Field Report:

The Non-Glamorous Side of Photography

North Carolina Outdoor Photographer, Leann Greene Interview

Residing in the Appalachian Mountains of Western North Carolina, nature and children’s sports photographer Leann Greene is a busy, working mother of three. Find out how she does it.

Cades Cove, Great Smoky Mountains, Tennessee

Cades Cove, Great Smoky Mountains, Tennessee

Many hobbyist photographers can probably relate to you in addition to people who are thinking about having children. How are you able to manage your desire to photograph nature while maintaining such a busy personal life?

I need the outdoor photography as “me” time as I always feel recharged after spending the time on what I want and having tangible results. Of course you have to make some concessions but if you want it enough you can do it. I have no other hobbies so I don’t feel I’m being selfish in a way that detracts from my family.

The majority of nature photographers are men so how does it feel to be a woman in this testosterone-driven genre?

I think nature photography and especially landscapes can use the female perspective. The men I have photographed with are enthusiasts also and I’d say there is a “prove yourself” period that quickly fades away when your shared appreciation of the outdoors takes over. I enjoy hanging out with the guys and picking their brain about tactics and methods. I don’t know if many men feel comfortable asking the same of women photographers.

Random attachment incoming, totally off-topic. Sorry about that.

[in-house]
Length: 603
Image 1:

Mountain Laurel Blooms, Lake James, North Carolina

Mountain Laurel Blooms, Lake James State Park, North Carolina

Name some female photographers that inspire you.

Lori Kincaid and Alison Shaw are two female photographers that I’d like to emulate.

Given your experience with outdoor recreation, share some general safety advice for the female readers of this blog.

Don’t worry about looking fashionable. Safety is the top priority. Make sure you have the right footwear for the outdoors. I have been in fear for people walking across rocks in everyday street shoes. Comfortable & functional pants can make a difference also because you may need to make deep knee bends or climb up big steps. So I prefer cargo pants.

I enjoy outings by myself so I can’t preach about not going out by yourself but one thing I’ve learned is always heed your intuition if you have an uneasy feeling about something or a situation. I have left early upon occasion when people or the weather conditions have given me a bad vibe.